The U.S. Army awarded a contract worth more than $1.5 billion for the production of a Patriot missile defense radar to be purchased by Poland, adding another piece to that country’s emerging air defense system.
The Pentagon said that by 2022, defense contractor Raytheon will develop a tracking radar to intercept targets. In March, Poland signed a $4.75 billion contract for at least two Patriot batteries, each with two fire units.
“Patriot will enhance Polish, European and NATO security while creating jobs in Poland and the U.S.,” Raytheon said in a statement Wednesday.
Other NATO countries that operate the Patriot system are the United States, Germany, Greece, the Netherlands and Spain. Romania also has reached a deal through the Pentagon to acquire the system.
Poland, which is building up its air defenses because of concerns about a more aggressive Russia, factors into America’s overall missile defense plans in Europe.
The Navy is moving forward with its missile defense site in the northern Polish town of Redzikowo, where work began in 2016.
“We are making progress,” Adm. James Foggo, the commander for U.S. Naval Forces Europe, said during a June visit to the site. “Eventually, by 2020, this place will be turned over to the U.S. Naval Forces and we will bring it to life.”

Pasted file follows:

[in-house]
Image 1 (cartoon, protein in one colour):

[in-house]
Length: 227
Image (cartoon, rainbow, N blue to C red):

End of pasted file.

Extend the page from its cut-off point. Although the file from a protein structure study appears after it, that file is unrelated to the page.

The U.S. effort in Poland is part of an initiative that integrates sea and land-based systems in Romania and Poland to counter intermediate range missiles.
Initially, the project called for an additional phase to counter intercontinental threats aimed at the U.S. But in 2013, the U.S. scrapped those plans in a bid to dampen tensions with Russia, after Moscow argued that such a system would counter its own missile systems.
U.S. officials insist that American missile defense efforts in Europe are directed at threats from the Middle East, such as Iran. Russia, however, suspects that it has been targeted by the initiative.
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